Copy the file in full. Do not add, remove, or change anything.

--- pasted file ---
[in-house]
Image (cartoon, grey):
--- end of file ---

[in-house]
Image (cartoon, grey):